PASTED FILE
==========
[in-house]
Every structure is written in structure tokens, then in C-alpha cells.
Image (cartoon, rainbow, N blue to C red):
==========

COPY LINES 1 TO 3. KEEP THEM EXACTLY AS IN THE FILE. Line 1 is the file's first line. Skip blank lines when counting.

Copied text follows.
[in-house]
Every structure is written in structure tokens, then in C-alpha cells.
Image (cartoon, rainbow, N blue to C red):